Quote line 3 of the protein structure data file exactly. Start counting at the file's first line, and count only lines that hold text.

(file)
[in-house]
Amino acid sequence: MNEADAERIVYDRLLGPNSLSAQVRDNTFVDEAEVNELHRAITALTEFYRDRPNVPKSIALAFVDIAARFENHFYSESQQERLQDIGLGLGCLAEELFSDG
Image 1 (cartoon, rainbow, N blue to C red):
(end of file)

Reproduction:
Image 1 (cartoon, rainbow, N blue to C red):